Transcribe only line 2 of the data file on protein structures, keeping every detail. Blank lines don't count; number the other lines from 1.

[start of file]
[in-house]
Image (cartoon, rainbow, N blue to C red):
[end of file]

Image (cartoon, rainbow, N blue to C red):